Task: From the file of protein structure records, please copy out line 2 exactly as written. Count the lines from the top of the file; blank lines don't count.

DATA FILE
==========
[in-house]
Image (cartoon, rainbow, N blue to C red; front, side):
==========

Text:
Image (cartoon, rainbow, N blue to C red; front, side):